Trinity College Library

If you have chosen a language experience in Ireland and you love places immersed and suspended in time, full of mystery, prestige and antiquity then you absolutely must visit the Old Library, the ancient library of Trinity College in Dublin. This is the oldest and largest library in all of Ireland, where about five million volumes are kept, an invaluable treasure, which can be admired in all its magnificence through the grandiose corridors of the Long Room, a place full of knowledge which extends over two levels.

The patrimony of human knowledge, the masterpieces of literature, the ancient maps and illuminated manuscripts, of which the Old Library boasts a very rich collection, have been kept here for centuries. Among the medieval relics, the most precious gem in the library, the famous “Book of Kells” is also preserved. In a scenario that seems to evoke the zealous Amanuensis monks and the mysterious atmospheres of “The name of the rose”, there is one of the most important manuscripts in history, a masterpiece of Celtic art also known as the Evangeliary of San Columba, written by the monk’s followers in the scriptorium of Iona around 800 AD. 

Having survived the assault of the Vikings and other vicissitudes, this manuscript of rare beauty is today admired not only by palaeographers and experts, but by thousands of tourists and visitors who wish to smell the past, among those shelves that almost magically seem to multiply step by step. Among the corridors and the halls with very high vaulted ceilings it’s possible to relive the suggestions of “Page master”, the animated film in which a library turns into an immense fantastic land and its animated books live of the incredible adventures on the plots of Melville, Swift and Stevenson. 

It is no coincidence therefore if the Old Library in Dublin was chosen for its suggestive atmospheres as a Harry Potter set. This is the fantastic library of Hogwarts where the wizard with his inseparable Ron and Hermione searches for spells, forbidden books and spells. Remember the first episode of the saga, “Harry Potter and the Philosopher’s Stone”? Well, the harp that keeps asleep Fuffy, the three-headed dog, guardian of the precious stone, is once again inspired by memorabilia from the university library.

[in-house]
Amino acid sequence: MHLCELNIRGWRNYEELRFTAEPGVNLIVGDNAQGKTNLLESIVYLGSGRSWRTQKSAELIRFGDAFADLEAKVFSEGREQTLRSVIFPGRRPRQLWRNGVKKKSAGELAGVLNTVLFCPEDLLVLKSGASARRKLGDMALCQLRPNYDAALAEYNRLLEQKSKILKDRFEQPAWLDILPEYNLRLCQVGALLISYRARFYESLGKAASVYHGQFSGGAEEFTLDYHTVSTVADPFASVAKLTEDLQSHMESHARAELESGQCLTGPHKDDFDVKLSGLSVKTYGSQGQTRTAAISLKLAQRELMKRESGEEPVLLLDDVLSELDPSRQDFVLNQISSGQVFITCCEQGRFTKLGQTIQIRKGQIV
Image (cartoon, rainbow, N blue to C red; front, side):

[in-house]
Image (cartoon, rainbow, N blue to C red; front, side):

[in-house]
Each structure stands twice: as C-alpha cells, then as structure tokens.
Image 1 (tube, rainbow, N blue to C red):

In the Long Room there is in fact the splendid harp of Trinity College, better known as “Brian Boru Harp”. Made of willow wood and equipped with 29 brass strings, this harp dates back to the 15th century and is the oldest on the Emerald Isle. It has an enormous value, especially for the Irish, who recognize in this instrument a strongly evocative symbol.

Its meaning dates back to the centuries, in Celtic mythology, in which it constituted the representative object of the God Dagda, a bit like in Greek mythology it was the thunderbolt for Zeus and the trident for Poseidon. Well, the good Lord Dagda used to scan the rhythm of the season and life with the melodious sound of the harp.

Since then the ancient instrument has constituted and still constitutes a very important symbol for Ireland: it can be found practically everywhere, from the slender and sinuous forms of the Beckett Bridge to the emblem of the double malt queen, the Guinness, up to its most noble specimen kept in the Trinity College library. If you want to dream a little and be enchanted by unique atmospheres, you just have to cross the threshold of the legendary Old Library and the magic will do the rest.

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